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Kirsten Dunst

Blu-ray Review: Sam Raimi’s ‘Spider-Man’ Films Re-Released in Time For Reboot

Spider-Man trilogy DVD

CHICAGO – Sam Raimi’s “Spider-Man,” “Spider-Man 2,” and “Spider-Man 3” were just released on Blu-ray to coincide with the upcoming theatrical release of Mark Webb’s reboot, “The Amazing Spider-Man,” opening in theaters on July 3, 2012. All of the Sony BD releases are pretty standard although purists will like the consistent packaging and the chance to own them at a low price point (close to $10 at some outlets) before they’re probably repackaged again when “Amazing” hits Blu-ray in time for the holidays. None of the releases include any notable new special features (other than the inclusion of Ultraviolet and some games on the first film) but they all included a wealth of them in previous editions.

Film News: Columbia College’s ‘Cinema Slapdown’ to Feature Patrick McDonald of HollywoodChicago.com

Cinema Slapdown

CHICAGO – Mark your calendars for Thursday, April 12th at 7pm as Patrick McDonald of HollywoodChicago.com participates in “Cinema Slapdown,” presented by the Film & Video Department at Columbia College in Chicago. Screening at the event is the film “Melancholia,” directed by Lars von Trier, followed by a “debate” between McDonald and Penelope Steiner of Peneflix.com. The exchange will be “refereed” by Film & Video Associate Professor and “Talk Cinema” host Ron Falzone.

Blu-ray Review: Gorgeous Transfer For Lars Von Trier’s Incredible ‘Melancholia’

Melancholia

CHICAGO – Lars Von Trier’s incredible “Melancholia” gets better both in memory and on repeat viewing, especially with a pristine, jaw-dropping transfer like the one granted it by Magnolia on their recently-released Blu-ray. It may have been left out of all Academy Award categories but this was easily one of the best movies of last year. And the few before that as well. Most people missed it in theaters. Catch up on Blu-ray.

Film Feature: The Best Lead Performances of 2011

CHICAGO – Yesterday, we brought you some of the most engaging and memorable supporting performances of 2011. As much as I love some of the acting work in that feature, it’s nothing compared to the talent on display below.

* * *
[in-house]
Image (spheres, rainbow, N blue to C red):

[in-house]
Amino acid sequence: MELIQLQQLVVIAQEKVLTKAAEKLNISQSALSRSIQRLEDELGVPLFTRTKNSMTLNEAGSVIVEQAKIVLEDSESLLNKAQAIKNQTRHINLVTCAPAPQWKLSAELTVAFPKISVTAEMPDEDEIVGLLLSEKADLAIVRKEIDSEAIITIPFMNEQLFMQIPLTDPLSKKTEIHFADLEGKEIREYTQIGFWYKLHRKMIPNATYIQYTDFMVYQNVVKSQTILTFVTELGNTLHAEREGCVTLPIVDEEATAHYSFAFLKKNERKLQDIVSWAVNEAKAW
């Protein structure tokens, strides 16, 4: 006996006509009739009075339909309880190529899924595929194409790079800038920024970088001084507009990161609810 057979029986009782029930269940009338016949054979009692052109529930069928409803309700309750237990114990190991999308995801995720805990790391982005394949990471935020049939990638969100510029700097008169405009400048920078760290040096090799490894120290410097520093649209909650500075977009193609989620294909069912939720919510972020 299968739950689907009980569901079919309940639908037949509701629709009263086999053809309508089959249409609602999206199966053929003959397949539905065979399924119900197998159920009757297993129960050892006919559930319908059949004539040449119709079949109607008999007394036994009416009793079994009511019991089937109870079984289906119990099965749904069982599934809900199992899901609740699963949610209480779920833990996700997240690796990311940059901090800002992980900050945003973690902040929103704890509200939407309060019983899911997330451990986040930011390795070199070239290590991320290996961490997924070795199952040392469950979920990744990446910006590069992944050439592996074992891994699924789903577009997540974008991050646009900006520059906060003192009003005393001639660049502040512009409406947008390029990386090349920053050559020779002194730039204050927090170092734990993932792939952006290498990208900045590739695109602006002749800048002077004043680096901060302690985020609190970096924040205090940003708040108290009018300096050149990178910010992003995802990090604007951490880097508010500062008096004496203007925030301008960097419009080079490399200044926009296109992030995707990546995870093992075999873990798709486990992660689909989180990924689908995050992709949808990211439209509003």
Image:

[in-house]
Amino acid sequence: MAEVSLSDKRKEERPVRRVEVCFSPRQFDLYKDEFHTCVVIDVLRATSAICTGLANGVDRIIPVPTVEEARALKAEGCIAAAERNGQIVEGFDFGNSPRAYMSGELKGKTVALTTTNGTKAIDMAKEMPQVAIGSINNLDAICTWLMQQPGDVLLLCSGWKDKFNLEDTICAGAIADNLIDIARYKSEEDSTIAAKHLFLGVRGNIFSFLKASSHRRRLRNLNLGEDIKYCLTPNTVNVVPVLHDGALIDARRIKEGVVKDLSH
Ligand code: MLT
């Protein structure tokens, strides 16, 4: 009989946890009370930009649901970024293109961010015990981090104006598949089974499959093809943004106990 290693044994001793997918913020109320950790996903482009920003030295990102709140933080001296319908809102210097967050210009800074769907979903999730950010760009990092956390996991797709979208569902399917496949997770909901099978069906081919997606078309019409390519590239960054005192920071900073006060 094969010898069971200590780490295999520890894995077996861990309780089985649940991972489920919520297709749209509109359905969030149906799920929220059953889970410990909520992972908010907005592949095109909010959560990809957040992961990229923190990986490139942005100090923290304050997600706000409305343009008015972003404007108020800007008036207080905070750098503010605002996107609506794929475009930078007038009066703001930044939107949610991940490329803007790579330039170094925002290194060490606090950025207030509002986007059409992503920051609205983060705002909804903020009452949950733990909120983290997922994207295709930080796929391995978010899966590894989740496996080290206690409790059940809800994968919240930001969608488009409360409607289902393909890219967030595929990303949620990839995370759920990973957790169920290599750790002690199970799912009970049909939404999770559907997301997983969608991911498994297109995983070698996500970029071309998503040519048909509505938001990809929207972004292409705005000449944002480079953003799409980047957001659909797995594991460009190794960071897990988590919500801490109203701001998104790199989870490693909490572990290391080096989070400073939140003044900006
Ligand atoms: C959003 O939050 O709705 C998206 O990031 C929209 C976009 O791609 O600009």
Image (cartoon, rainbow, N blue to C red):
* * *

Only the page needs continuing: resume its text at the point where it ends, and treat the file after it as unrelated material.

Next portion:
Film Review: Lars Von Trier’s Mesmerizing ‘Melancholia’ Turns Depression Into Art

CHICAGO – Lars Von Trier’s “Melancholia” is a mesmerizing, haunting portrayal of the world-shattering force of depression from a filmmaker who has first-hand knowledge of the debilitating disease. With career-best work by Kirsten Dunst and some of the most confident filmmaking from its controversial director, this is one of the best films of 2011, a stunningly original examination of that which is completely out of our control.

Preview: 47th Chicago International Film Festival, Part One

CHICAGO – This year’s line-up for the 47th Annual Chicago International Film Festival is an eclectic mix of major Oscar contenders (“My Week With Marilyn,” “The Artist,” “The Descendants”) along with a number of interesting smaller films.

Film Review: Ryan Gosling Cannot Save Disjointed ‘All Good Things’

All Good Things
HollywoodChicago.com Oscarman rating: 2.5/5.0
Rating: 2.5/5.0

CHICAGO – Having loved Andrew Jarecki’s “Capturing the Friedmans” and having recently named Ryan Gosling the best actor of his generation for his year-best work in “Blue Valentine,” I was psyched to fall for their collaboration on the true-crime thriller “All Good Things.” Sadly, my anticipation quickly turned to disappointment as this muddled work lurched toward a bizarre conclusion. Gosling and co-stars Kirsten Dunst and Frank Langella don’t do anything wrong here but the movie is such a mash-up of tones, fiction, and reality that it never comes together into anything coherent.

Interview: Director Andrew Jarecki Expresses ‘All Good Things’

CHICAGO – Family secrets seems to be a specialty of Director Andrew Jarecki. He made a big splash with his 2003 Oscar nominated documentary, “Capturing the Friedmans,” which explored the real life matters of the title family, and in his debut feature film narrative he uncovers a prominent New York City family in “All Good Things.”

DVD Review: ‘How to Lose Friends and Alienate People’ Deserves to Lose Viewers Too

How to Lose
HollywoodChicago.com DVD Rating: 1.0/5.0
DVD Rating: 1.0/5.0

CHICAGO – Considering the talent on display, “How to Lose Friends and Alienate People” is jaw-droppingly, shockingly bad. If this was just another straight-to-video National Lampoon comedy, it might be easier to forgive, but how so many funny people got involved in a project so misguided will remain one of the biggest movie mysteries of 2008.

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TV, DVD, BLU-RAY & THEATER REVIEWS

  • Cornerstone, Nothing Without a Company

    CHICAGO – We all need some help. The stage play group Nothing Without a Company realizes that, and has collaborated with the organization “Cornerstone” to provide that assistance. Cornerstone is a seminar and a happening in downtown Chicago, facilitated by “experts” to generate your potential. The presentation has a Thursday-Sunday run at Michigan Avenue’s Artspace 8 through April 29th, 2018. Click here for more details, including ticket information.

  • Cold War

    CHICAGO – Local filmmaking is thriving, thanks to the many creators who choose to make independent movies in Chicago. Co-directors Stirling McLaughlin and J. Wilder Konschak (also writer) brought their cast and crew to the Windy City to make their comedy, “Cold War.” The film made its digital debut on April 6th, 2018, and will be available on iTunes, Google Play, FandangoNow, Amazon, Vudu and more.

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